Clermont County prosecutor closes case in May officer-involved shooting
MIAMI TOWNSHIP, Ohio (WXIX) - Miami Township officers were justified in the May shooting that killed a 47-year-old woman who was pointing a gun at them, the Clermont County Prosecutor’s Office announced Monday.
On May 20, Camille Weems, 47, of Milford, allegedly began to fire gunshots into the air in the parking lot at Berry Lane Apartments where she lived, according to Miami Township Police Chief Mike Mills.
Around 5 p.m. multiple residents called 911 saying Weems was shooting the gun and another 911 call claimed she approached a resident.
Three police officers arrived two minutes later.
Weems shot at the officers, causing them to duck behind squad cars, Mills explained previously. Bullet holes from behind the squad cars confirm the officers were in the line of fire and that the bullets went over their heads, Mills said.
The officers told Weems repeatedly to drop the gun, according to Mills.
One officer had a “good vantage point,” he added. While the officers were still telling the woman to drop her gun, one officer raised his gun, and Weems fired another round, he said.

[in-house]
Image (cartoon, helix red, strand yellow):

Weems was shot six times, Chief Mills said. The prosecutor’s office said Monday the officers’ actions were reasonable and absolutely necessary to protect their lives and the public.
The 47-year-old fell to the ground with the gun beside her.
The officers continued to tell her to stay away from the gun, according to Mills. Officers called EMS and began measures to stop the bleeding. EMS arrived, called UC Air Care, and took the woman to the Air Care location, where Air Care pronounced her dead, Mills explained.
“Our intent when we shoot is to stop the threat. It’s not to kill anyone,” Mills said. “Some of the best marksmen in the world that compete in the Olympics, if you put them under this kind of pressure, they wouldn’t be able to shoot the gun out of her hand.”
Mills said mental health was likely an issue but that officers do not believe there was a prior dispute that led up to the shooting. He said she appeared to have been firing “indiscriminately” in the parking lot. He also noted she had been the subject of previous police runs and that at least one of the officers who responded Friday night knew her by name.
Mills said a mental health worker used by the department was on scene “from the word ‘go’” but that the officers couldn’t bring her in while the woman was firing rounds.
“We have officers that are highly trained in mental health, but when someone shoots at us, we don’t have time. We’ve run out of options at that point,” he said.”
On Saturday, the day after the shooting, the 911 calls and bodycam footage were released.
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